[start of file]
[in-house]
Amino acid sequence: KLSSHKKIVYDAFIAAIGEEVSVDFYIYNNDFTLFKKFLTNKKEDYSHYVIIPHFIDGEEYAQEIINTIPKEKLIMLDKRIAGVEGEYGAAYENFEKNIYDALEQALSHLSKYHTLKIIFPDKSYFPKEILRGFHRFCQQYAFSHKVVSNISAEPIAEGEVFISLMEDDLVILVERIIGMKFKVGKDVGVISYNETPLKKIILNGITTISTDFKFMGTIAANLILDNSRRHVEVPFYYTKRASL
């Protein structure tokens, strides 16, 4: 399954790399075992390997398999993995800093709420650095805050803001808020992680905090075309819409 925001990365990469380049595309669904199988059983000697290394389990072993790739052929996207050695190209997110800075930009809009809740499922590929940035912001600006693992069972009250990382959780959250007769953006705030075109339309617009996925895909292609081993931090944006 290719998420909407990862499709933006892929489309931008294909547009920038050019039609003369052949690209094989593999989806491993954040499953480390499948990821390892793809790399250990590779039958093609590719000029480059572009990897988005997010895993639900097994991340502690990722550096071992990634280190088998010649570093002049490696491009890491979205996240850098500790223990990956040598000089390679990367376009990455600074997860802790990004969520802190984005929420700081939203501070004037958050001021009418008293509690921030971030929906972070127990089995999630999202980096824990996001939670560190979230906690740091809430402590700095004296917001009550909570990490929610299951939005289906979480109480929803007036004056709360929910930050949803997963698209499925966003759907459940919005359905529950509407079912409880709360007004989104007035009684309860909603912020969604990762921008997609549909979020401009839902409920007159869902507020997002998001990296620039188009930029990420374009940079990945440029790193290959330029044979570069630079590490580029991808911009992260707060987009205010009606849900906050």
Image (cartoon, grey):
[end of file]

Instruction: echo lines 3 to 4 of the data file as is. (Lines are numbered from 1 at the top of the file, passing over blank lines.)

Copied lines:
């Protein structure tokens, strides 16, 4: 399954790399075992390997398999993995800093709420650095805050803001808020992680905090075309819409 925001990365990469380049595309669904199988059983000697290394389990072993790739052929996207050695190209997110800075930009809009809740499922590929940035912001600006693992069972009250990382959780959250007769953006705030075109339309617009996925895909292609081993931090944006 290719998420909407990862499709933006892929489309931008294909547009920038050019039609003369052949690209094989593999989806491993954040499953480390499948990821390892793809790399250990590779039958093609590719000029480059572009990897988005997010895993639900097994991340502690990722550096071992990634280190088998010649570093002049490696491009890491979205996240850098500790223990990956040598000089390679990367376009990455600074997860802790990004969520802190984005929420700081939203501070004037958050001021009418008293509690921030971030929906972070127990089995999630999202980096824990996001939670560190979230906690740091809430402590700095004296917001009550909570990490929610299951939005289906979480109480929803007036004056709360929910930050949803997963698209499925966003759907459940919005359905529950509407079912409880709360007004989104007035009684309860909603912020969604990762921008997609549909979020401009839902409920007159869902507020997002998001990296620039188009930029990420374009940079990945440029790193290959330029044979570069630079590490580029991808911009992260707060987009205010009606849900906050």
Image (cartoon, grey):